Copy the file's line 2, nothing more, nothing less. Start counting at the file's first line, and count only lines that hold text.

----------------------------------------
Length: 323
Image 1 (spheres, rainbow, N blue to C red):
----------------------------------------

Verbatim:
Image 1 (spheres, rainbow, N blue to C red):